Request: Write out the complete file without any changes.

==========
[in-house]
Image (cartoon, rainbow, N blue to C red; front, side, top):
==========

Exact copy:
[in-house]
Image (cartoon, rainbow, N blue to C red; front, side, top):